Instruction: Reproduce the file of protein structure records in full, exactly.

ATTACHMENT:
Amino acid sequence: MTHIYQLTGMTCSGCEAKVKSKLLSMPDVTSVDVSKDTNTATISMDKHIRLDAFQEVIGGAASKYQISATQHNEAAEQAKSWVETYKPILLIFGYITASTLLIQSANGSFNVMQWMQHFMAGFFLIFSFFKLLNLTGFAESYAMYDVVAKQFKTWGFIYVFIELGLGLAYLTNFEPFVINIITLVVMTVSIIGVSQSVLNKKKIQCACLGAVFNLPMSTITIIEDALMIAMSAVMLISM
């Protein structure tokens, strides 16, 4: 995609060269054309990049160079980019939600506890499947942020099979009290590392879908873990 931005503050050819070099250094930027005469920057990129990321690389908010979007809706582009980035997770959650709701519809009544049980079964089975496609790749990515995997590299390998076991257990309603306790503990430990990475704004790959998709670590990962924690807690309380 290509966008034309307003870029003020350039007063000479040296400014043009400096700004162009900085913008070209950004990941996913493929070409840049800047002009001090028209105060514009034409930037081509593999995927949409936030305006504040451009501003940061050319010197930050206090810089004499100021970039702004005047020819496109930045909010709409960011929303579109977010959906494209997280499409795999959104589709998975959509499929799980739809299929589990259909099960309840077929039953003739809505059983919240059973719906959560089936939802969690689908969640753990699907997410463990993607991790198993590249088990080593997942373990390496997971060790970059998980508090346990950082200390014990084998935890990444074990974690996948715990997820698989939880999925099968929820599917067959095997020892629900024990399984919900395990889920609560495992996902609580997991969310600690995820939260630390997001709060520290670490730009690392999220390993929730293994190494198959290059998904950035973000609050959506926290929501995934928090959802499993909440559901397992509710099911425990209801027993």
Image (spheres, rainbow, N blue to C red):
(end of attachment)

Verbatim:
Amino acid sequence: MTHIYQLTGMTCSGCEAKVKSKLLSMPDVTSVDVSKDTNTATISMDKHIRLDAFQEVIGGAASKYQISATQHNEAAEQAKSWVETYKPILLIFGYITASTLLIQSANGSFNVMQWMQHFMAGFFLIFSFFKLLNLTGFAESYAMYDVVAKQFKTWGFIYVFIELGLGLAYLTNFEPFVINIITLVVMTVSIIGVSQSVLNKKKIQCACLGAVFNLPMSTITIIEDALMIAMSAVMLISM
């Protein structure tokens, strides 16, 4: 995609060269054309990049160079980019939600506890499947942020099979009290590392879908873990 931005503050050819070099250094930027005469920057990129990321690389908010979007809706582009980035997770959650709701519809009544049980079964089975496609790749990515995997590299390998076991257990309603306790503990430990990475704004790959998709670590990962924690807690309380 290509966008034309307003870029003020350039007063000479040296400014043009400096700004162009900085913008070209950004990941996913493929070409840049800047002009001090028209105060514009034409930037081509593999995927949409936030305006504040451009501003940061050319010197930050206090810089004499100021970039702004005047020819496109930045909010709409960011929303579109977010959906494209997280499409795999959104589709998975959509499929799980739809299929589990259909099960309840077929039953003739809505059983919240059973719906959560089936939802969690689908969640753990699907997410463990993607991790198993590249088990080593997942373990390496997971060790970059998980508090346990950082200390014990084998935890990444074990974690996948715990997820698989939880999925099968929820599917067959095997020892629900024990399984919900395990889920609560495992996902609580997991969310600690995820939260630390997001709060520290670490730009690392999220390993929730293994190494198959290059998904950035973000609050959506926290929501995934928090959802499993909440559901397992509710099911425990209801027993």
Image (spheres, rainbow, N blue to C red):